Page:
Lazy Colts – Across The Ocean

Lazy Colts

Sydney’s cinematic alt-folksters, Lazy Colts, who have just released their new single and video Twenty Two are set to make their mark this year. Working with Mark Lawson (Arcade Fire, Timber Timbre) has enhanced the Lazy Colt sound proving to be a huge influence on the band as Lacey Cole explains to Across The Ocean during a Q&A ahead of the release.


Congratulations on knocking over this album, did it feel like a labour of love or was it easier than you thought?

Thanks a lot, it was definitely a labour of love but one we all enjoyed very much. It’s a debut album for us and it’s entirely self funded so getting it to sound the way we wanted took time.

Was it hard letting it go after putting so much of yourselves in to it?

It was hard letting it go in the sense that it took us a while to organise the proper send off for it. We have had it finished for almost a year now but, similar to the actual recording of it, releasing it properly takes time and money so it took us a bit longer than we would have liked to get all the ducks lined up in a row.

Did you have a clear vision of how you wanted the album to pan out?

Maybe we all had an idea of how we thought it was going to sound at the beginning of the process but I’d be surprised if it sounds like anyone’s expectation. We are all super happy with the end result. It was a massive game changer for us getting Mark Lawson on board for the mix. He’s a legend engineer we were all huge fans with previously and he really brought something new to the sound I don’t think anyone was expecting. He located the band’s unifying aspects and highlighted them so the finished album really sounds complete and cohesive.

Were the songs mostly finished or did you improvise a little in the studio?

Half and half. A couple of the songs we’d been playing live for a year or so and then Slackjaw I think we were just writing when we sat down to record it. That really came together in the editing suite. Other songs like Make Like A Stone and Like Never Before were very early sketches of ideas that we just hit record on and added a few minor flourishes to bring them into the album’s sphere.

How influential was your producer in the recording process?

We self produced this one. So it is really the result of the band’s collaboration on ideas and arrangements. As I mentioned earlier Mark Lawson had a huge influence over the sound of the album and he was really great to work with. He made some very bold choices sound-wise that became hallmarks of the album.

What is the biggest thing you learnt during the process?

We learnt what’s involved in releasing an album independently and a lot about how the industry works. We ended up working with some really great people who are helping us release the album and promote the tour and they have taught us a lot. As a band, it’s wonderful to find other people who enjoy your music and we have learnt a lot about reaching our audience.

Has it got you thinking about what you might do next album?

We are always thinking about what is coming up next but for us we won’t really know until we start playing together. Once we see what we’ve made I think we will know what to do with it.

How long did the process take?

The process for this album, from writing to releasing, took around two years on and off.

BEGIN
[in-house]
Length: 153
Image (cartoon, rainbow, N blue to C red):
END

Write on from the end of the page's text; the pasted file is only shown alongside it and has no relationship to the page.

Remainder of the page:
Did you have many songs that didn’t make the final cut? Will those ones, if any, make it on to something else?

The songs that didn’t make the cut were purged before we set microphones up to record. They might come back again but they didn’t seem right for this album.

How do you think the Lazy Colts sound has changed?

It keeps changing all the time. We are pretty restless, or at least enough of us are to keep the sound changing. The obvious change over the last few years would be the move from acoustic straight-up alt-country to more experimental, cinematic sounds.

Have the new songs taken on a new life since they have been recorded in rehearsals?

Some definitely have. The most dramatic change is probably Make Like A Stone, the quietest, most stripped back song on the album, which now has a live version with a huge drum beat and band arrangement.

Are you looking to finally launching Trojan?

Yeah its gonna be nice to see it out there and get people listening to it.

What inspired the name?

Obviously the horse reference is there in the band name but the imagery of the Trojan Horse and its thematic implications we thought suited the “maiden voyage” of the band.

What did you think when you got the masters back?

We were very excited. William Bowden who is Australia’s leading mastering engineer did some really weird stuff to our music, using very cool valve compressors and all sorts of things. The result is very unique and we loved it.

Where to from here, what’s next?

We are really looking forward to supporting this album and playing the songs to new audiences. Beyond that it will be working on new music and seeing what comes of it. No major plans beyond that. We’re leaving it open. Cheers for the chat.

Rob Lyon

ABOUT THE AUTHOR: Rob Lyon has been writing about all things music for well over ten years in Adelaide clocking up more live shows each year seeing the best going round.

Whether it is rummaging through vinyl at record stores such as Clarity and Title finding hidden gems to scouring the internet to find that album by the next big thing or chasing bands to get that elusive autograph and photo his passion is music all the way.
Rob Lyon

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